On the football side, Ronaldo’s arrival meant United’s coaches felt they had to rip up their plan for the season when it was already under way to accommodate Ronaldo, but he was worth it.
He scored in all five of the Champions League group games he played in, including late, great winners against Villarreal and Atalanta. Without them, it’s doubtful United would have got out of the group, but would United have looked so poor in those games without a near static centre forward?
One opposing manager whose side played United’s last season opined in private that they were easier to plan against with Ronaldo, but that he was also capable of things no other player on the pitch was. Ronaldo scored against his team.
When United did and played an Atletico Madrid side he’d been so effective against with Real Madrid, he was ineffective, just as United were ineffective as a functioning team last season, far less than the sum of their parts. United’s future is about better management, coaching and not only individual names and stellar transfers to sate transfer obsessives and commercial objectives.
Despite thinking that Ronaldo was a major issue for United’s future development as a side, interim manager Ralf Rangnick did not want to be the one to start the downfall of one of football’s greatest players and continued to select him, even when he only scored one goal and made no assists in his first ten games of 2022.
Rangnick, who was not popular among players, gave up making suggestions and rode the season out, yet Ronaldo’s two hat-tricks in consecutive home league games against Tottenham Hotspur and Norwich started a strong finish to the season for him personally – if not his team, who lost their last six away games and failed to qualify for the Champions League, where Ronaldo made his mark so many times in a stellar career.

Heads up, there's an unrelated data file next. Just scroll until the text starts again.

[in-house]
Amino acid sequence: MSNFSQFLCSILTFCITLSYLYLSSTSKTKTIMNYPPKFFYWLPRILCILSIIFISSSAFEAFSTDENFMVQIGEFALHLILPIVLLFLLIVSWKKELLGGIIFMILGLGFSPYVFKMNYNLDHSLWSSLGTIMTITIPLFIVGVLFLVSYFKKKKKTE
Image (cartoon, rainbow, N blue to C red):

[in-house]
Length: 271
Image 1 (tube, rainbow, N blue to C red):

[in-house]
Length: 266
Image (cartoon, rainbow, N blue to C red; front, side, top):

Like Rangnick, new manager Erik ten Hag diplomatically accentuated the positives publicly and said he wanted to work with Ronaldo, but his sides, like Rangnick’s, do not usually have a 37-year-old centre forward.
His teams press from the forward line and as veteran manager Neil Warnock opined on Monday: “While the manager won’t admit it publicly, I don’t think he’s going to mind too much if Ronaldo leaves the club. Great player but United need to support Ten Hag with the players he wants, let him build his own team and get that spirit of togetherness back in the dressing room.”
And the other side? If Ronaldo is unhappy with the United team then he’s not the only one. If he is unhappy with the recruitment so far, which is set to see a first signing in Dutch left-back Tyrell Malacia confirmed, then he’s also not the only one. Playing Europa League football is not where Ronaldo sees himself – and not where United should see themselves. It represents failure.
If footballers want to leave they usually do, though United did stand firm with Wayne Rooney in 2013. The timing from Ronaldo does not help United, but he started last season at Juventus and only left on the final day of the window, but United have known they need a striker for months after the departure of Edinson Cavani.
Marcus Rashford and Anthony Martial will get chances again, but they’ve been out of form for years, while Mason Greenwood is suspended from playing. From having too many strikers when Ronaldo arrived, the club have too few, but having too many hardly served United well.
Ten Hag doesn’t want a slimmed down squad either and he’s learning every day: none of the youth strikers are ready for first-team football, United have money to buy.
If Ronaldo leaves, he’ll free up the budget and while proven No 9s are scarce, United have a record of bringing in ageing, proven centre forwards from Radamel Falcao to Zlatan Ibrahimovic, Edinson Cavani to Sanchez – with a catalogue of injuries and uneven results.
Ronaldo’s status as a United legend is secure. He’s the best player many United fans have ever seen, the best his teammates have played alongside, too. He will be cheered if he stays and continues to score, but do not expect protests for him to stay.